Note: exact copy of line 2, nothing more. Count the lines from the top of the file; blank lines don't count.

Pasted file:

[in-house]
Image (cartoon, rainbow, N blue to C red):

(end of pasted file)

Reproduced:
Image (cartoon, rainbow, N blue to C red):